@4, Daniel J. Andrews, the US is countering such education with creationism, a cultural revolution against “elitist universities” that are full of “socialists” (aka liberals) and all manner of other inane lunacy.
    As for your insolent snowballs, we’re fixing that access to snow as we speak. :/

  6. John Olavesen

    You can almost see the interference pattern as the waves wrap around the island. Very nice.

  7. Gary Ansorge

    5. Wzrd1

    “we’re fixing that access to snow as we speak”

    Go, global warming. Remove the Canadian rebel thinkers ability to eject those heinous, insolent snowballs,,,(Won’t Frosty the SnowMan object to your stealing his SnowBalls??? Just asking,,,:)

    Gary 7

    I just hope Yellowstone doesn’t put ITS two bits worth in this,,,(ok, maybe its two billion bits)

  8. Monte Davis

    “I’ve stood on a few (though never an active one — but that’ll happen someday!)”

    Step 1: Stay where you are.

    Step 2: Wait.

    Sincerely,
    Your Friend the Plume

  9. Haleakala!

    Holy Haleakala!

  10. You’ve never been to Yellowstone National Park, and stood within one of the world’s largest active volcanoes?
    Just because it’s not one of those obvious strato or shield volcanoes, Don’t dis it!
    Visit Yellowstone before it visits you!

  11. Messier Tidy Upper

    Verdant volcano in a silvery sea
    Please don’t, please don’t, erupt on me!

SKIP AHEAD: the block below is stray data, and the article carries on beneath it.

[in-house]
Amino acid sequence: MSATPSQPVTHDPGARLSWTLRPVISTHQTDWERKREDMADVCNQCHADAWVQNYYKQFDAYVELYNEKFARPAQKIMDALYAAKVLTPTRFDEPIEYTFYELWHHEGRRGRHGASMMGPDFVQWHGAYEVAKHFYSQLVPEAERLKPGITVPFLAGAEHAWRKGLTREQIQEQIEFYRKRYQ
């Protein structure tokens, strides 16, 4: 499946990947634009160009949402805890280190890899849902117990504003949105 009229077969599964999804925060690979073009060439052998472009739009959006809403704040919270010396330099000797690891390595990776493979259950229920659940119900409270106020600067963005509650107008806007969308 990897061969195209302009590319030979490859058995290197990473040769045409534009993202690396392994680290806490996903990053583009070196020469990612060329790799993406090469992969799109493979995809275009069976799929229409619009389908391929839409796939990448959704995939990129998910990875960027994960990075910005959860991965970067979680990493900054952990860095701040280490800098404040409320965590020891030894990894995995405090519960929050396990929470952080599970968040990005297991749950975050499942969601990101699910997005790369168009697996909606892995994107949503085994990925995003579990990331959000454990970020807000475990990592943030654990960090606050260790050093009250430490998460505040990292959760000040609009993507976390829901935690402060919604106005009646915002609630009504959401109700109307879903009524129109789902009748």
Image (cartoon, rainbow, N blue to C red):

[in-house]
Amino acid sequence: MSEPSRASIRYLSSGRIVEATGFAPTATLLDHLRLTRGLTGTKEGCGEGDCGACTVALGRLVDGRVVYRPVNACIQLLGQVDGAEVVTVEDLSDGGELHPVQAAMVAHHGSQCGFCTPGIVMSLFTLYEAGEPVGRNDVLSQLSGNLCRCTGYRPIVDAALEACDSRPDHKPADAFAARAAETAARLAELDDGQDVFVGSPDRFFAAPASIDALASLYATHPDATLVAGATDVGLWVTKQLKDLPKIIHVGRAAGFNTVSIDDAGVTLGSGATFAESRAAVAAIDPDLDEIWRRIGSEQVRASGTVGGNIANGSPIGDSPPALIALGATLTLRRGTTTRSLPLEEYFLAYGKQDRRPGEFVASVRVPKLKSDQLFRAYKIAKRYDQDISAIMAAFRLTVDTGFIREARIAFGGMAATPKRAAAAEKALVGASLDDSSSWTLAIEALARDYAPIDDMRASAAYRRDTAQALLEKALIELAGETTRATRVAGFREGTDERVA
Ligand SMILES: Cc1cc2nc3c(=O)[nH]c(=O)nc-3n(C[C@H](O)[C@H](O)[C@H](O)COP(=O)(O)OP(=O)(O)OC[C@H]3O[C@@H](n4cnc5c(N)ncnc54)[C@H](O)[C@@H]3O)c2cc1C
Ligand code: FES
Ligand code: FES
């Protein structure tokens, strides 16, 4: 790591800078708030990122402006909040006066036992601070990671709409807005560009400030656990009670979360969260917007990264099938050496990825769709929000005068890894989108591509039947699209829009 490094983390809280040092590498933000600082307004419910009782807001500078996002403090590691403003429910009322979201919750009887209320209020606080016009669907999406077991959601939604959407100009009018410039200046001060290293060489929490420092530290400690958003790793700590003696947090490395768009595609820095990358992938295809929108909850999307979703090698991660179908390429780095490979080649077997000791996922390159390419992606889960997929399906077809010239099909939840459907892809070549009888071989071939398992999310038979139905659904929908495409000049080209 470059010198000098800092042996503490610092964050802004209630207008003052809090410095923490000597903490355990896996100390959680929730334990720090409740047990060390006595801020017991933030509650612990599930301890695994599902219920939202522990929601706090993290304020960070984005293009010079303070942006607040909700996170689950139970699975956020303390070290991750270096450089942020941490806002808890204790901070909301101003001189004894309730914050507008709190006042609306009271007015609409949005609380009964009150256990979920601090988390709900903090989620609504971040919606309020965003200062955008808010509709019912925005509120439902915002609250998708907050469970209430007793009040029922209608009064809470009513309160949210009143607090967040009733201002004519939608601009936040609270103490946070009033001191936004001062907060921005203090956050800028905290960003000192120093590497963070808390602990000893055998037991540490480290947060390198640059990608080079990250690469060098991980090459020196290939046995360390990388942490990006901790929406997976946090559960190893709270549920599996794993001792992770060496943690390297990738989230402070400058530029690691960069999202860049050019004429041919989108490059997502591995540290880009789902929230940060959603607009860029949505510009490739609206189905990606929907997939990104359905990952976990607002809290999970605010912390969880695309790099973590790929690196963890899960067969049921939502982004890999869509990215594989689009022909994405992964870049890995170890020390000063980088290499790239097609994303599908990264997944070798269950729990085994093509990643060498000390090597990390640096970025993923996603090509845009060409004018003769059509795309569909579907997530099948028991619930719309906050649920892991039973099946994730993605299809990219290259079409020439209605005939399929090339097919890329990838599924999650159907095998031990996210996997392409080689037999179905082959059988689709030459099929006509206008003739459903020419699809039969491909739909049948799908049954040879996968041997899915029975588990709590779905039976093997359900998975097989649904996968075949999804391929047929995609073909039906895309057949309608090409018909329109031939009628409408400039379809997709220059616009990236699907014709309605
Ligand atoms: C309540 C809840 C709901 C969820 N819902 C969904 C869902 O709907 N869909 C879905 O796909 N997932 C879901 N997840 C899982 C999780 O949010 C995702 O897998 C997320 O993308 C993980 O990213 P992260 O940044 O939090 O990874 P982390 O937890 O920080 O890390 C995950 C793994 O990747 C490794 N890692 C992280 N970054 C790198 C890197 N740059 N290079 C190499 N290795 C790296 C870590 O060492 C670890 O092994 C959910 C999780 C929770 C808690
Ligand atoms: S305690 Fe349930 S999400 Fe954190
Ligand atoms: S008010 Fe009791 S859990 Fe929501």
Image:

Tinakula volcano, nice & small
    Glad a supervolcano, you’re not at all! ;-)

    Great image. :-)

  12. Wzrd1

    @Nina F, the last time I checked, Yellowstone qualifies as dormant. Or have we now requalified dormant as being millions of years without eruption, rather than thousands of years (where Yellowstone has been dormant for 70000 years)?
    If the latter is true, the Earth has MILLIONS of volcanoes. Which is NOT reflected in current geological texts.

    @Messier Tidy Upper, LOVE the work! I only manage such creative prose during very long drives…
    Probably because only then am I uninterrupted… :?

  13. @ ^ Wzrd1 : Thanks. Glad you liked that bit of doggrel. :-)

    As for Yellowstone being dormant, I’m not so sure. There’s still a lot of geothermal activity as shown by the geysers there like Old Faithful. Wikipedia – click on my name for link – notes :

    Non-explosive eruptions of lava and less-violent explosive eruptions have occurred in and near the Yellowstone Caldera since the last supereruption. The most recent lava flow occurred about 70,000 years ago, while the largest violent eruption excavated the West Thumb of Lake Yellowstone around 150,000 years ago. Smaller steam explosions occur as well – an explosion 13,800 years ago left a 5 kilometer diameter crater at Mary Bay on the edge of Yellowstone Lake.
    – Wikipedia -Yellowstone hotspot page linked to my name here.

    Suggests it could be expiring but there’s still, I think, some uncertainty about this. Aussie ABC TV showed a great fictional doco -drama ‘Supervolcano’ a few years ago about a hypothetical present day eruption of the Yellowstone supervolcano.

    PS. How did you get that last emoticon there? Didn’t know you could have that one here.

  14. Messier Tidy Upper

    @ ^ See :

    http://www.youtube.com/watch?v=WF-RKzqNtz0

    on youtube for that docudrama in six parts apparently & see :

    http://en.wikipedia.org/wiki/Supervolcano_(film)

    for the wikipage on it. WARNING – SPOILERS there.

    This youtube clip :

    http://www.youtube.com/watch?v=o-zM8IQHVzI

    is excellent albeit too &, I think, accompanies that series albeit it’s an hour long. Worth watching though I reckon. :-)

  15. db26

    Anyone else see the face? Black hair and beard…eyes nose and mouth are very detailed…eyebrows too!